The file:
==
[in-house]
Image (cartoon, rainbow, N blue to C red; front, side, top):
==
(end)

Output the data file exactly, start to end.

[in-house]
Image (cartoon, rainbow, N blue to C red; front, side, top):